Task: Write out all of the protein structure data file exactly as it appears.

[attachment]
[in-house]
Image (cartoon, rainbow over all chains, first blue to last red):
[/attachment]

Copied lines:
[in-house]
Image (cartoon, rainbow over all chains, first blue to last red):